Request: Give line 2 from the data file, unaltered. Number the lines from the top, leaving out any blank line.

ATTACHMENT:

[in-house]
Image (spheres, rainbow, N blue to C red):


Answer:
Image (spheres, rainbow, N blue to C red):